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Balloons dropping, people erupting in applause, the hit "Don't Stop" by Fleetwood Mac playing in the background. One would think that given the energy of the crowd in Little Rock, Arkansas, Governor Bill Clinton might have already clinched the 270 electoral votes needed to win the Presidency. But no. His campaign has barely begun. He had just finished his campaign kick-off speech in front of thousands of supporters gathered in the state capitol in Arkansas.

His kick-off rally initially didn't attract much attention from the national media, but it surely would change after this. Local press swarmed the event, and its success would certainly generate positive coverage, and in no time, Bill Clinton would certainly be seen as a major contender in the 1992 presidential race, alongside Senator Paul Tsongas of Massachusetts, Senator Hillary Rodham of New York and Governor Jerry Brown of California.

Bill waved and smiled in front of his adoring crowds while his family beamed proudly at him. His advisors, James Carville and George Stephanopoulos, were shaking each other's hands and were hugging following their candidate's successful kick-off. The rest of the Clinton campaign staff, huddled behind the stage, celebrated the night with pizza and beer.

Amidst the celebrations, there was one person who was not in a celebratory mood. Dennis O'Keefe, a CIA undercover who is working as a lawyer in a firm specializing in campaign laws, wasn't there to support the governor, but he was very happy for his former colleague and friend. O'Keefe had known way back then that running for president was Bill's dream, and it elated him to see it happen to fruition.

Once Bill got off the stage, O'Keefe quickly switched from celebratory mode, to work mode. His trained eyes quickly caught site of Bill's security. He quietly made his way to the holding tent where Bill and his inner circle huddled. It wasn't easy moving from where he was to the foot of the stage, as the people were still rejoicing. But once he was within distance of Bill's security, he flashed his CIA ID. Bill's security promptly questioned him about his intentions with the governor. He said he was there on government business. The young man who stood guard picked up his walkie talkie and alerted his superiors about O'Keefe's presence.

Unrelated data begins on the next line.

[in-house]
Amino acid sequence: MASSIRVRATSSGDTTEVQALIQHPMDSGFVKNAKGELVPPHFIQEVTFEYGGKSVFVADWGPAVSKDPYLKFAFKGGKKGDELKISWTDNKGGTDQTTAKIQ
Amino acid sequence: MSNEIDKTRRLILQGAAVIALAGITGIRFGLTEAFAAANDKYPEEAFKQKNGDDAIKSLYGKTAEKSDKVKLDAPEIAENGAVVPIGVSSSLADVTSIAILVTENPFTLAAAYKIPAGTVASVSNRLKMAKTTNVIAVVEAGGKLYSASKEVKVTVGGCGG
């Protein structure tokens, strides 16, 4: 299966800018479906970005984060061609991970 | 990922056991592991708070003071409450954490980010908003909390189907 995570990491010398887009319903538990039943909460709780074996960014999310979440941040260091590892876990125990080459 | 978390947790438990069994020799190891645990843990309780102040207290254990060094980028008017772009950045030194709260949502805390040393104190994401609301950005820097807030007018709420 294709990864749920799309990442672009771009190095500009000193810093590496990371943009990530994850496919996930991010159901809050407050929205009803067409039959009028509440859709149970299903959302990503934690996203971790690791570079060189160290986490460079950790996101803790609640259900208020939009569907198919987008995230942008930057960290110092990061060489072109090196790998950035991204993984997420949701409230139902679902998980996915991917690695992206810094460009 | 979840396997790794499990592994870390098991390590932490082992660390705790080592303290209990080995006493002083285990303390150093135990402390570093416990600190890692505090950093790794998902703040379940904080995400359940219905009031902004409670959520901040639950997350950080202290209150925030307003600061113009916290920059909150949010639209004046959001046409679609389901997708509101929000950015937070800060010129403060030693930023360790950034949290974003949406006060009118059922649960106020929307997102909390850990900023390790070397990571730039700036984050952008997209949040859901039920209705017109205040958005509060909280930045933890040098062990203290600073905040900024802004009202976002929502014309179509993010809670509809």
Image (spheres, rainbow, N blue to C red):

O'Keefe waited fifteen minutes before he got a response from the higher-ups. He had heard from the walkie talkie that it was Bill himself who had granted him access. O'Keefe thanked the young security guard and he was shown to the tent. When he entered, he found Bill being adored by his doting mother in the makeshift couch.

"I'm so proud of you, Billy. I've always known you'd get here. Oh the countless times I've seen you practice your speeches whenever you run for student council..." Virginia Clinton recalled fondly as she hugged her son.

"And I couldn't have done it without you, 'Ma," Bill said with a tenderness that O'Keefe had rarely seen in him. "You've been with me all the way, the ups and the downs..."

"And I'll always be here for my boy!"

O'Keefe felt a little comfortable watching this mother-and-son lovefest so he backed off a bit so he wouldn't be seen, but it had the opposite effect. Bill's eyes glanced to his corner, and the presidential candidate beamed at the sight of his dear friend.

"Dennis!" Bill roared in delight. "I wasn't expecting you to be here!" Bill stood up and hugged his friend. "I am so happy that you came."

"As am I, Buddy. As am I," Dennis said. "You were great back there. I look forward to prime inauguration tickets."

"Of course, man! You can hold the Bible if you want!" Bill joked.

"I am sure your Mom will be mad at me if you did that," said O'Keefe. He then turned to Virginia and extended his hand. "Dennis O'Keefe, Ma'am. Bill's only friend in DC," he winked.

"I have heard of you," Virginia shook O'Keefe's hand. "So glad that you're here to support Bill."

"Of course, Ma'am. Of course."

"What brings you here, man? Government business?"

"As a matter of fact, I am. I'm here to bring you the presidential daily brief. Might as well give it to him now because he's going to win," Dennis chuckled.

"You hear that, Ma?" said Bill with a mirth in his voice.

"I hear him. I hear him," Virginia replied.

"So, where can we have that briefing, eh?" Dennis said. Knowing him for years, Bill sensed that Dennis was serious in wanting to have a priivate conversation with him so he asked everyone to leave the tent, except for Carville and Stephanopoulos, who remained on Dennis's request. Once everybody left, the celebratory mood immediately turned serious.

"What's going on, Bill?" asked James as he sat across Bill and O'Keefe. George sat next to James

"Guys, this is Dennis O'Keefe. He's a buddy of mine from my CIA days. He still works for Clandestine Services," Bill introduced.